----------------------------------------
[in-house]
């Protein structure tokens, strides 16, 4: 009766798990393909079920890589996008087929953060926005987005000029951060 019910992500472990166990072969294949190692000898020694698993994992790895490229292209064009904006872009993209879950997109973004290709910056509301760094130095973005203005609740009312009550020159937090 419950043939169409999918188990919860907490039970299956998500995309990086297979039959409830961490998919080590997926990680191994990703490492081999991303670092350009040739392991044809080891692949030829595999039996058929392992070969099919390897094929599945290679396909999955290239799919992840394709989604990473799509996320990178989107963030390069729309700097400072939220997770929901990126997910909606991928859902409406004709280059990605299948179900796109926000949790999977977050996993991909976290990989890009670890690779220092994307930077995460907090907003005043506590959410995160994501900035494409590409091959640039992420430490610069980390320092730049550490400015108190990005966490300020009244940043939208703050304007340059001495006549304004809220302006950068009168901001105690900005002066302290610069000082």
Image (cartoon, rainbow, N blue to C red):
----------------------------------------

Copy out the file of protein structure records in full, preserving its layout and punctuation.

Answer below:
[in-house]
């Protein structure tokens, strides 16, 4: 009766798990393909079920890589996008087929953060926005987005000029951060 019910992500472990166990072969294949190692000898020694698993994992790895490229292209064009904006872009993209879950997109973004290709910056509301760094130095973005203005609740009312009550020159937090 419950043939169409999918188990919860907490039970299956998500995309990086297979039959409830961490998919080590997926990680191994990703490492081999991303670092350009040739392991044809080891692949030829595999039996058929392992070969099919390897094929599945290679396909999955290239799919992840394709989604990473799509996320990178989107963030390069729309700097400072939220997770929901990126997910909606991928859902409406004709280059990605299948179900796109926000949790999977977050996993991909976290990989890009670890690779220092994307930077995460907090907003005043506590959410995160994501900035494409590409091959640039992420430490610069980390320092730049550490400015108190990005966490300020009244940043939208703050304007340059001495006549304004809220302006950068009168901001105690900005002066302290610069000082």
Image (cartoon, rainbow, N blue to C red):